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article imageAttorneys in chimp mauling case and lawsuit freeze owner's assets

By Nikki Weingartner     May 6, 2009 in Lifestyle
Following the February mauling by a pet chimpanzee, both victim and defense attorneys have come to an agreement to freeze the owner's assets. In March, a $50 US Million lawsuit against the chimp owner was filed.
When Charla Nash responded to her friend's phone call for help with the famous commercial pet chimpanzee, she had no idea what horrible events were to come.
On February 16, Sandra Herold's commercial star and 200 lb pet chimpanzee had escaped from her home. Herold called her friend, Charla Nash, to assist in getting the free-roaming animal back inside. When Nash arrived at the scene, Travis the so-called domestic chimpanzee attacked her and essentially ripped off her face, losing her hands, nose, lips and eyelids. The attack was captured on a "911" emergency call.
There were also reports that the 55-year-old victim could have suffered some brain damage and is now blind.
In a surgery that took more than seven hours to perform, Charla Nash was eventually stabilized and transferred to the Cleveland, Ohio facility for facial surgery. The same facility where the first facial transplant just took place. In early April, she was reported as moving and talking, even asking for her daughter.
In March, her family filed a $50 us Million dollar lawsuit against Herold to help pay for medical expenses. Stamford Hospital did waive the charges in association with the attack. Connecticut taxpayers will also likely be responsible for paying damages to the victim. As explained by a local news report:
State Sen. Andrew McDonald, co-chairman of the legislative committee that handles legal claims against the state, said a recently revealed memo from a state Department of Environmental Protection biologist warning about the chimp could prove the state was negligent.
Another report today revealed that both the the prosecution and defense attorneys agreed to freeze assets of the chimp's owner while the lawsuit is ongoing. That proposal is expected to be presented in a Stamford court today.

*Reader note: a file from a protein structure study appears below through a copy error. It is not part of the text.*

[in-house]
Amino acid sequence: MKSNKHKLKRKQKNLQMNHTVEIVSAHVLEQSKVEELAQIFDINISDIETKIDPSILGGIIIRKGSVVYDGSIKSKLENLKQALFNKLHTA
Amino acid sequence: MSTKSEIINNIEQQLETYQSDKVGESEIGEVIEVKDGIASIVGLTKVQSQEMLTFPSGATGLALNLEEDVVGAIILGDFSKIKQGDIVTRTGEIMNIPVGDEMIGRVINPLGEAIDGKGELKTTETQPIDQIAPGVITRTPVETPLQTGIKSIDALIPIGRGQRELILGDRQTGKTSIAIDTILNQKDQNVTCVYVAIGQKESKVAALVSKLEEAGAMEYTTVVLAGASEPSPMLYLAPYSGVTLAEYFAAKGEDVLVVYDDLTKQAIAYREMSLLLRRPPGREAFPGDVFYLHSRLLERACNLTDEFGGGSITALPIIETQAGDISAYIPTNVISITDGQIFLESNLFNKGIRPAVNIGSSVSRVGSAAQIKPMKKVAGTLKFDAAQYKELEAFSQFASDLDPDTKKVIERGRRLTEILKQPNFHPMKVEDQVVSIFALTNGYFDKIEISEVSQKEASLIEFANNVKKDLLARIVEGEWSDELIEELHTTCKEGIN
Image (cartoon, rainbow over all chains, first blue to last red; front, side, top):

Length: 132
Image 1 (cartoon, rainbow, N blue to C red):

The defense claims that predicting the attack was not possible. Despite Herold's outrage over the way Travis was portrayed by the media, the chimp had a history of attacks, including biting two people and a previous escape in 2003 that required police assistance. One victim stated that she reported the incident but that it was brushed aside. Herold attempted to explain the chimp's attack on Charla by speculating that she had changed her hair and was driving a different vehicle. In a CNN video just following the attack, Herold tearfully defended the attack, equating it to individuals with "junkie" kids who don't do anything about it.
The attack and nearly fatal mauling by the domesticated chimpanzee helped facilitate and propose a statewide ban on private ownership of large primates, alligators and other potentially dangerous animals kept as pets, including exotics. The proposal was endorsed by the Judicial Committee and must be approved by the Connecticut Statehouse.
The Nash family has set up a website accepting donations to help with Charla's long road to a hopeful recovery.
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